A seamless ability to switch from rugby league commentating to boxing in the blink of an eye is how long-time friend Peter Saville will remember Robert Keith Murray.
The man affectionately known as 'Chuck' passed away on February 25 following a short battle with bowel cancer.
Mr Saville reflected on his favourite moments as producer alongside Chuck when they covered the Hastings League in a timeframe spanning almost three decades from 1993.
"His ability to switch between rugby league and boxing commentary was probably one of his best assets," Saville said.
It was in reference to a match many years ago which saw an all-in-brawl erupt following a send-off.
Saville and Chuck first met in 1993 when Chuck joined the radio station after moving from Sydney.
"I originally knew him as Robert when he first turned up and halfway through that year he decided to change his name to Bob," he said.
"When that didn't work he went back to his old police nickname which he got at a pub in Sydney. You can imagine why he was called Chuck if he got his nickname from a pub in Sydney."
The 65-year-old was a common sight at various Hastings League grounds from South West Rocks to Smithtown over the years before his health deteriorated.
Whether it was Group 2, Group 3, Hastings League, motocross or even schoolboy rugby league, the commentary was of a high standard.
Related: Chuck's back on the sideline
The standard was that descriptive that it resulted in the Port Macquarie Sharks' reserve grade team bus performing a U-turn on the Pacific Highway barely 10 minutes into their trip home back in the early 90s.
It came after they turned the radio on and heard of their first grade team's grand final comeback after they thought all was lost.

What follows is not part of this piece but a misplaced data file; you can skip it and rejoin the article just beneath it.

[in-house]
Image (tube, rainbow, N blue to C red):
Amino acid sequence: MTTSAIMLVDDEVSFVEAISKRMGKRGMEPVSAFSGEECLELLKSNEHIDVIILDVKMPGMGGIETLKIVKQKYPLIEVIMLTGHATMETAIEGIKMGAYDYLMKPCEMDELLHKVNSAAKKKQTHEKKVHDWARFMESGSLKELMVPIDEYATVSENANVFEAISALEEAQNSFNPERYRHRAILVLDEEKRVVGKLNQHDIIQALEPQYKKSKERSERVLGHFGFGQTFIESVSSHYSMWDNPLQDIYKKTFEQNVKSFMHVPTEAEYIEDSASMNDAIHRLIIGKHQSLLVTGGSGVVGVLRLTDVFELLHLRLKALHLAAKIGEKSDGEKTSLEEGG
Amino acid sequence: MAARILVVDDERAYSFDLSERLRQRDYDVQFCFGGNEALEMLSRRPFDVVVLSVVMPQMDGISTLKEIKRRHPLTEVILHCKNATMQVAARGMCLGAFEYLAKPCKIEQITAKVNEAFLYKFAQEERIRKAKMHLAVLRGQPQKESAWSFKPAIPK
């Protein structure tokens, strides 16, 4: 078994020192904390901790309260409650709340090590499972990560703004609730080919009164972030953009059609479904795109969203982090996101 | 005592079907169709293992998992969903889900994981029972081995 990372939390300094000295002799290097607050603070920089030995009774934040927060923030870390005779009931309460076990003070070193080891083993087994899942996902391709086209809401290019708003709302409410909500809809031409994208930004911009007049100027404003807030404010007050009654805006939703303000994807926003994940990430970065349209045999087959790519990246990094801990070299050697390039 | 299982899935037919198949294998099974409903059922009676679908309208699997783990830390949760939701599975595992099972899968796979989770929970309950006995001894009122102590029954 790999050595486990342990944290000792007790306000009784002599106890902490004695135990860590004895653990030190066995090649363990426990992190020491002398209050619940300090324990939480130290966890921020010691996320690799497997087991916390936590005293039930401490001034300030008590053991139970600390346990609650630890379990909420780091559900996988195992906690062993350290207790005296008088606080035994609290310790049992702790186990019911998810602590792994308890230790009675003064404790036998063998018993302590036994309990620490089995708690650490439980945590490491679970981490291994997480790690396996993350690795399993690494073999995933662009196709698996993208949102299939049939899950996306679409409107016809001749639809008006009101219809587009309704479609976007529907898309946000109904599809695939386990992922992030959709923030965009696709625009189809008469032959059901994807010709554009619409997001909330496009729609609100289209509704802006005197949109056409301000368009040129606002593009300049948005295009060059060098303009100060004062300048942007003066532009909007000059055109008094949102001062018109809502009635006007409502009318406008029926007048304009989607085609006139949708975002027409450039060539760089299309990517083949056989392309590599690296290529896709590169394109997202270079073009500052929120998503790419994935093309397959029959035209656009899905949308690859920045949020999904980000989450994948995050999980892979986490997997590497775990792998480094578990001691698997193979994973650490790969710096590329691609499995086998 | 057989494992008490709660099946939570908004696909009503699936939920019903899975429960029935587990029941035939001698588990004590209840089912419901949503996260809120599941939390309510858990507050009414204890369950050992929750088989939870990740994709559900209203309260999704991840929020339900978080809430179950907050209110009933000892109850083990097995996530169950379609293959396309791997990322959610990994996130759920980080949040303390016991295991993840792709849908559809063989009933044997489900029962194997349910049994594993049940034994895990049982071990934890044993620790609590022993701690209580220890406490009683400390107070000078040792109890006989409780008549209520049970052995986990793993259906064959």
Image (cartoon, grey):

Chuck was always committed to the cause and always answered the call - especially when the radio station was in trouble in early 2000.
"You can imagine why he was called Chuck if he got his nickname from a pub in Sydney."- Peter Saville
But Mr Saville will always fondly remember their regular climbs up onto the roof of Lank Bain Sporting Complex, even if it made those underneath nervous.
"Chuck was always wearing stubby shorts when he climbed up the ladder and God knows why," he said.
"You'd be sitting in the stand and watch the roof bow as he walked across the gang plank and then sit and broadcast the game. Those were the days."
Hastings League president Geoff Connor also paid tribute to Chuck and how he had helped promote rugby league over the years.
"He was good for people sitting at home who didn't want to go because of wet weather or were too old or whatever," he said.
"Chuck certainly promoted the game; he made himself a big part of the competition, but his biggest contribution was probably for people who moved away. They could still tune in and listen to their favourite team of a weekend."
Clubs are encouraged to donate jumpers or shirts to go on the coffin during the service.
The jumpers can be dropped at Midcoast Funerals in Port Macquarie or Wauchope marked "attention Pieta Law" before Tuesday (March 8) mid-afternoon.
His funeral service will be held at the Anglican Church in Laurieton at 12.30pm on March 9 ahead of a graveside service at the general section of the Laurieton cemetery.
The wake will follow at North Haven Bowling Club.
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